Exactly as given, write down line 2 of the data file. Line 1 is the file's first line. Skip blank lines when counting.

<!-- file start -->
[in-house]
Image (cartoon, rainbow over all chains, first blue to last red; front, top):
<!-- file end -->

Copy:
Image (cartoon, rainbow over all chains, first blue to last red; front, top):